Similarly, Hofileña (“The Philippine maritime zones”) lectures us on the United Nations Convention on the Law of the Sea, which became a treaty in effect in 1994 establishing EEZs and other maritime zones. He says absolutely nothing about China’s claims. He therefore concludes that since Ayungin Shoal is within our EEZ, the Chinese undertook illegal and unauthorized actions when it blocked our supply vessels from going to the dilapidated BRP Sierra Madre, the vessel that was deliberately grounded there in 1999. That is wrong as China claims the shoal as part of the sovereign archipelago it calls Nansha.
It asserted this claim in 1994 when it occupied Mischief Reef – 40 kilometers from Ayungin — and no international body nor even the US could do anything about it, even if China was at that time still militarily and economically weak.
This issue and how the arbitral panel dealt with it is discussed in detail in my forthcoming book Debacle: The Aquino Regime’s Scarborough Fiasco and the South China Sea Arbitration, scheduled to be out this month. What follows are excerpts (less the footnotes, which are in the book) from its Chapter 8, “Sovereignty is not sovereign rights”:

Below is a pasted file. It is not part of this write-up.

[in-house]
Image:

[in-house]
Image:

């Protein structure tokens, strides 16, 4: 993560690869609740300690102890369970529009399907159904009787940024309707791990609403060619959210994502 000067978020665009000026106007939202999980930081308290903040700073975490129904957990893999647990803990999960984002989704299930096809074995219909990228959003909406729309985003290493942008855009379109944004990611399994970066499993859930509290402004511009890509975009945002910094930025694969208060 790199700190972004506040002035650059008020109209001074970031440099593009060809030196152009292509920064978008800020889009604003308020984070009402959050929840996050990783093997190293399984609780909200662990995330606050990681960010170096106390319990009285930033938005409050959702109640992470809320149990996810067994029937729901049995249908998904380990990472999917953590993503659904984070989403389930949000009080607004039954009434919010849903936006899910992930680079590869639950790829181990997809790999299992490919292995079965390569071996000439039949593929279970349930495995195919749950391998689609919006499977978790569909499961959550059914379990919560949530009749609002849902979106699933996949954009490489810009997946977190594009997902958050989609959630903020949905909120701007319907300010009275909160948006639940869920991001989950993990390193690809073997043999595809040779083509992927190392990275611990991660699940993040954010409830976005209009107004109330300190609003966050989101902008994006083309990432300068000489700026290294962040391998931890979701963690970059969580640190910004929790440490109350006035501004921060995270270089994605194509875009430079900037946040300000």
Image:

Excerpts from book
“China as well as Vietnam do not claim the Spratly archipelago because of any EEZs of theirs encompassing it. They assert that the archipelago is their sovereign territory, an outlying archipelago, a claim which is superior to maritime entitlement claims, which an EEZ is, based on the UN Convention on the Law of the Sea (Unclos). (An outlying archipelago is one distant from the state owning it, such as the Faroe Islands of Denmark, Ecuador’s Galápagos Islands and Spain’s Canary Islands.)
The arbitral panel was silent on this as if this territorial claim didn’t exist. Why so? Since it was an arbitral panel based on Unclos, it could only deliberate on provisions of this treaty, which does not deal with sovereign claims.
Aquino’s lawyers were well aware that because of Unclos (which was the basis for the arbitration), the panel had no authority to settle sovereignty disputes. The panel would have immediately dismissed the Philippine complaints if they had been formulated as sovereign disputes.
After all, all they needed really was an international body of whatever type to uphold the Philippine claim that it has sovereign rights over the Reed Bank and most of the Spratlys because its EEZ encompasses these areas.
Such a ruling they thought would be enough to get international public opinion to pressure China to give up, at least its claims in the Reed Bank. That would constitute the half-truth for a massive propaganda campaign that China has no valid claims in the Spratlys and that it ignores a “rules-based order.”
As even the US defense department in its 2017 annual report to Congress tersely put its analysis of the award: “The tribunal did not rule on sovereignty claims.”